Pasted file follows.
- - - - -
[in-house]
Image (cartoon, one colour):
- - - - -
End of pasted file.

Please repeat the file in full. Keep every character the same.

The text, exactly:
[in-house]
Image (cartoon, one colour):